RIAA Wins Appeal, Music Downloader Owes $675,000

Andy Chalk

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RIAA Wins Appeal, Music Downloader Owes $675,000


An appeals court has ruled that Joel Tenebaum, the Boston University student who was busted in 2009 for illegally downloading music, owes the RIAA $675,000 after all.

2009 was a bad year for Joel Tenenbaum. For the crime of sharing 30 songs online, he was slapped with a fine of $675,000, representing the maximum penalty of $22,500 per song. Things got marginally better for him in 2010 when U.S. District Court Judge Nancy Gertner declared the penalty "unconstitutionally excessive" and lowered it to $67,500 [http://www.escapistmagazine.com/news/view/102010-Judge-Declares-File-Sharing-Fine-Unconstitutional], still a hell of a pile of money but not necessarily enough to ruin Tenenbaum's life forever. But that wasn't good enough for the Recording Industry Association of America, which said it would contest the ruling.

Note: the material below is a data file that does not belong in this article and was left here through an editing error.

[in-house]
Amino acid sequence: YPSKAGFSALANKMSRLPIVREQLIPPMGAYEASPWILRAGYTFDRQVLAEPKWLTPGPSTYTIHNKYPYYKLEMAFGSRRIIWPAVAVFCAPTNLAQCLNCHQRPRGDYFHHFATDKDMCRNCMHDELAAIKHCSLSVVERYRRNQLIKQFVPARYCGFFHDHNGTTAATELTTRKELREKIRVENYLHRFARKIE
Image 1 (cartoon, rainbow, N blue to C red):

So it did, and on Friday the RIAA won a victory of sorts as the First Circuit Court of Appeals ruled that Gertner jumped the gun by moving directly to the constitutional question. She "should first have considered the non-constitutional issue of remittitur, which may have obviated any constitutional due process issue and attendant issues," according to the ruling. "Had the court ordered remittitur of a particular amount, Sony would have then had a choice. It could have accepted the reduced award. Or, it could have rejected the remittitur, in which case a new trial would have ensued."

In other words, according to my Wikipedia [http://en.wikipedia.org/wiki/Remittitur] crash course in legal matters, the judge should only have gone to the question of constitutionality if remittitur didn't do the job. It's not a smashing victory for the RIAA, as the appeals court's comment "that this case raises concerns about the application of the Copyright Act which Congress may wish to examine" suggests that it's not a big fan of such punitive judgments, but for now the initial ruling is back in place, leaving Tenenbaum on the hook for $675,000.